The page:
I’m a diligent shopper. I’m that guy who reads every word of contracts. I read manuals. Information empowers. It is even more helpful when you know where it applies. We often fall victim when information is withheld by those claiming to serve us. Not only can we be victims, we can also be the perpetrators.
It is sad that I have to write blog posts with a title, “Why You Shouldn’t Be Sneaky To Make A Sale”. I’m sure I’m not the only one…
Being sneaky for the sake of the sale will bite you, bad. I’m sure I’m not the only one who has suffered from the sting of hidden terms and conditions. The truth: there are many profiting from being sneaky. Many people and organisations pride on not doing anything illegal.
Because something isn’t particularly illegal, doesn’t make it right. Some organisations are quick to point out, “We haven’t done anything wrong”. Such an rebuttal in defence of this injustice is actually more detrimental. Because you can do something is not reason enough to do it.
Within and beyond the confines of law is something greater: doing the right thing. There is fairness and real integrity. Individuals and organisations can hide behind the law. They can hide behind what is permissible at the expense of longevity for their enterprise.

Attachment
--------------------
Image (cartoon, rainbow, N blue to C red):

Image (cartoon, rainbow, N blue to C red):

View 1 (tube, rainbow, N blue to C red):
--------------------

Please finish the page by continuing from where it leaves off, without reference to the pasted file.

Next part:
Being upfront with terms and conditions; not hiding them in the fine print, endears trust. In leading people, managing relationships and your enterprise, be upfront. It helps people when you’re clear upfront what will and will not do.
Some terms and conditions are said upfront in a cryptic and complex way. This is no different from hiding them. These ‘Ts & Cs’ only benefit people who understand them best: usually those who wrote or created them.
Why You Shouldn’t Be Sneaky To Make A Sale
Withholding information for your benefit obliterates integrity. It erodes the weight of your mission and paves the way to your demise. Do yourself a favour. Do those you serve a favour. As you go about making your sales and such, be honest by being upfront.
When people find out later what you could’ve told them before they’re not likely to trust you in the future. They’re not likely to be clients who’ll return or recommend others you.
This is why you shouldn’t be sneaky for the sake of a sale. When you are sneaky or deceiving, you gain a sale but lose even more sales in the future. You destroy the bridge to future interactions.
It is more difficult to build a great reputation; destroying it is easy.
Good, No, Great And Fair Business Practice
Great relationship, leadership and business (whatever that is) practice is nothing but simple honesty. There have to be some things you’re not willing to do in pursuit of your mission.
Draw lines. An indiscriminate ‘whatever the cost’ attitude does nothing to help your cause in the long run.
Be upfront and honest with people. They might not like your conditions; at least they’ll fall victim by informed choice.
There’s no doubt we’re conned more often than we realise. We generally realise to the extent consumers are victims when we’re in a bind already.
From the market stall, to malls and online stores. Let’s keep it real.
Also published on Medium.